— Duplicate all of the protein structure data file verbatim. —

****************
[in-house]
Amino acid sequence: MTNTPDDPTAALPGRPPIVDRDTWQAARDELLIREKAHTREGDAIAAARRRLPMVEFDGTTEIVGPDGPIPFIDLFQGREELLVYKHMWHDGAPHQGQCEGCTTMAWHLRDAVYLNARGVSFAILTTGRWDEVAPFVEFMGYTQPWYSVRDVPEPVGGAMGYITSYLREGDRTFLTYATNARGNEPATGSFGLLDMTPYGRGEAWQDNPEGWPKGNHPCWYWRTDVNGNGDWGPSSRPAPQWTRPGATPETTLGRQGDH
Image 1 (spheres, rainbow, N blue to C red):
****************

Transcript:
[in-house]
Amino acid sequence: MTNTPDDPTAALPGRPPIVDRDTWQAARDELLIREKAHTREGDAIAAARRRLPMVEFDGTTEIVGPDGPIPFIDLFQGREELLVYKHMWHDGAPHQGQCEGCTTMAWHLRDAVYLNARGVSFAILTTGRWDEVAPFVEFMGYTQPWYSVRDVPEPVGGAMGYITSYLREGDRTFLTYATNARGNEPATGSFGLLDMTPYGRGEAWQDNPEGWPKGNHPCWYWRTDVNGNGDWGPSSRPAPQWTRPGATPETTLGRQGDH
Image 1 (spheres, rainbow, N blue to C red):